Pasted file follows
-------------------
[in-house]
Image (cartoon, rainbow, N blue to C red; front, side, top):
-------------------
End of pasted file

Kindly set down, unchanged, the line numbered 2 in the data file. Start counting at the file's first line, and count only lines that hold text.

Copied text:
Image (cartoon, rainbow, N blue to C red; front, side, top):